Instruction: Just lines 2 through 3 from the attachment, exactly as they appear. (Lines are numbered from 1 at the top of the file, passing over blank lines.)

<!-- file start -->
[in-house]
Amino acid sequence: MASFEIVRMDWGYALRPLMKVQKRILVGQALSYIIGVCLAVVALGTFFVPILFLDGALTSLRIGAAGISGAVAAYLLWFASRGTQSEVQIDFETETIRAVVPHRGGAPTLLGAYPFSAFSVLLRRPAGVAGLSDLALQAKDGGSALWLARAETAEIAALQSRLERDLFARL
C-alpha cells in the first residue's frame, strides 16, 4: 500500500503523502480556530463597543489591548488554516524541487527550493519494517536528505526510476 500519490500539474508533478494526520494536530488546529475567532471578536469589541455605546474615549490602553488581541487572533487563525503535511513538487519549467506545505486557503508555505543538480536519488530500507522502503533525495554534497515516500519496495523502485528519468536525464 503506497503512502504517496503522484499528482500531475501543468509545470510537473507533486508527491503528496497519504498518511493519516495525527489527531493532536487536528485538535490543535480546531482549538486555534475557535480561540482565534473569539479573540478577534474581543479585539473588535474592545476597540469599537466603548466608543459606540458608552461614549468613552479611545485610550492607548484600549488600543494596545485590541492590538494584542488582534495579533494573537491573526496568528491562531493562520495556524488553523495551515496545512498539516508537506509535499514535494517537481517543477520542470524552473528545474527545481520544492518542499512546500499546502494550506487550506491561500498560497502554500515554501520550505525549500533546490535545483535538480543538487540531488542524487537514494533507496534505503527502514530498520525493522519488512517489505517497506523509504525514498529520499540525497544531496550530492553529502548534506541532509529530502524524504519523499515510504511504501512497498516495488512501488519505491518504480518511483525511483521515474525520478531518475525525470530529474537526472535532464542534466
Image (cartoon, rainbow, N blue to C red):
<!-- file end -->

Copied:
Amino acid sequence: MASFEIVRMDWGYALRPLMKVQKRILVGQALSYIIGVCLAVVALGTFFVPILFLDGALTSLRIGAAGISGAVAAYLLWFASRGTQSEVQIDFETETIRAVVPHRGGAPTLLGAYPFSAFSVLLRRPAGVAGLSDLALQAKDGGSALWLARAETAEIAALQSRLERDLFARL
C-alpha cells in the first residue's frame, strides 16, 4: 500500500503523502480556530463597543489591548488554516524541487527550493519494517536528505526510476 500519490500539474508533478494526520494536530488546529475567532471578536469589541455605546474615549490602553488581541487572533487563525503535511513538487519549467506545505486557503508555505543538480536519488530500507522502503533525495554534497515516500519496495523502485528519468536525464 503506497503512502504517496503522484499528482500531475501543468509545470510537473507533486508527491503528496497519504498518511493519516495525527489527531493532536487536528485538535490543535480546531482549538486555534475557535480561540482565534473569539479573540478577534474581543479585539473588535474592545476597540469599537466603548466608543459606540458608552461614549468613552479611545485610550492607548484600549488600543494596545485590541492590538494584542488582534495579533494573537491573526496568528491562531493562520495556524488553523495551515496545512498539516508537506509535499514535494517537481517543477520542470524552473528545474527545481520544492518542499512546500499546502494550506487550506491561500498560497502554500515554501520550505525549500533546490535545483535538480543538487540531488542524487537514494533507496534505503527502514530498520525493522519488512517489505517497506523509504525514498529520499540525497544531496550530492553529502548534506541532509529530502524524504519523499515510504511504501512497498516495488512501488519505491518504480518511483525511483521515474525520478531518475525525470530529474537526472535532464542534466